Top Ten Hikes That Don't Require a Tent

Hiking doesn't always have to mean roughing it; especially if you're looking to bring a significant other or friend along who isn't down sleeping on the ground. Here is a list (in no particular order) of some of our favorite hikes that can be done without ever having to spend a single night in a tent.

1) West Highland Way - Scotland



The West Highland Way is a 96 mile (154 km) hiking route in Scotland that extends from Milngavie, just north of Glasglow, to Fort William in the Scottish Highlands. The path follows many ancient military and coach roads as it makes its way north, passing through multiple towns and villages.

Walkers can enjoy a true wilderness experience while being able to avoid sleeping in a tent by taking advantage of the numerous hotels, eating delicious home-cooked meals at B&Bs, or enjoying a cozy room in a tiny inn.

Camping is an option too, if you’re into that. True adventure seekers can try to summit Ben Nevis, the UK’s highest peak, once they reach Fort William. In optimal weather, the hike to the peak can be done as an out-and-back in a single day.

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2) Tour du Mont Blanc - France, Italy, & Switzerland



One of the most popular hikes in the world, the Tour Du Mont Blanc (TMB) is a roughly 110 mile (170 km) trail that crosses through France, Italy, and Switzerland as it circumnavigates the Mont Blanc massif in the Alps.

Typically walked in a counter-clockwise direction, it passes through seven different valleys providing some of the most scenic views in the world. Usually, most people start their trip in Les Houches (France), but Les Contamines (France), Courmayeur (Italy), and Champex (Switzerland) are also popular starting destinations. The majority of hikers complete the entire route in approximately 11 days.

Like most trails, the TMB’s official route has changed over the years, creating multiple alternates, or “variants” for hikers to choose from. Some of the alternative routes require greater fitness and skill while providing a greater sense of adventure. Other alternatives are shorter, less demanding, and easier to complete but can come at the cost of having fewer viewpoints.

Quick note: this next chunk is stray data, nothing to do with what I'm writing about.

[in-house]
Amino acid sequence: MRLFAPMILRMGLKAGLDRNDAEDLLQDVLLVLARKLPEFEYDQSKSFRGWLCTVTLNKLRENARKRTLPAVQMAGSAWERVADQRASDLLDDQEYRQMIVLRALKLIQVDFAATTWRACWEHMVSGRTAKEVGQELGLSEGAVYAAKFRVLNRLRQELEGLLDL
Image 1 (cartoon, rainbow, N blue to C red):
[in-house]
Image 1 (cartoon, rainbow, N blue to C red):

One of the most alluring aspects of the TMB is the plentiful options for accommodations along the route. Each day you will usually pass multiple options for food and lodging allowing hikers to break their trips up into manageable sections that suit the fitness level and pace.

Walkers can take advantage of refuges (called rifugios in Italy) along the entire route. Refuges are essentially rustic mountain hostels along the route which, most of which, still have their supplies brought in by pack mules each day. Each one is unique unto itself and they present themselves in various forms from separate bedrooms, to large mixed-sex dormitories, to super cozy alpine bunkhouses.

Refuges typically include some kind of meal (half-board/full-board) and you can even stop for lunch at some of the ones along your route. You’ll also have the chance to take a shower before dinner but be forewarned that hot water availability may be limited.

Limited camping, or bivouacking as it’s called in much of Europe, is also available for those looking to rough it a bit. Mixing tent camping with the refuges is a great option for hikers used to sleeping in their tents.

Even though there are a ton of available lodging options along the trail, its popularity can make it hard to book an entire tour, even if you book it in advance. It is recommended that you start trying to book as early as you can; especially if you have a large group.

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3) "W" Circuit - Patagonia / Chile



One of the most spectacular hikes in the world, the W Circuit in Chilean Patagonia’s Torres del Paine National Park is an awe inspiring 43 mile (69 km) trek that takes you through Los Cuernos Mountains, past the stunning Grey Glacier, through the wild Francés valley, dense forests, and climbs to breathtaking viewpoints like Las Torres themselves.

The W Circuit is certainly a choose your own adventure affair, with multiple options for accommodations. From shared mountain refugios (hostels) to private rooms, the W Circuit lets hikers pamper themselves at day's end with the luxury of a comfy bed, a hot shower, and warm meals.

Limited camping options are available for the more adventurous but look out for that wind.

4) Hadrian's Wall Path - United Kingdom



Hadrian's Wall Path is a 84 mile (135 km) designated English National Trail closely following along the remains of Hadrian's Wall, a defensive wall which was built by the Romans to protect the border along the northern edge of their empire. The wall is recognised as a collective part of the UNESCO "Frontiers of the Roman Empire" World Heritage Site.

Beginning in Wallsend on the east coast and ending in Bowness-on-Solway on the west coast, Hadrian’s Wall Path is typically broken into six, reasonably staggered, walking stages that are routinely hiked from east to west to help protect against the prevailing wind.

The close proximity to cities and villages allows many walkers to book BnB accommodations in each city allowing to make the journey without needing to ever sleep in a tent. Multiple services exist which will handle all the logistics for such a hike, including door to door delivery of your luggage.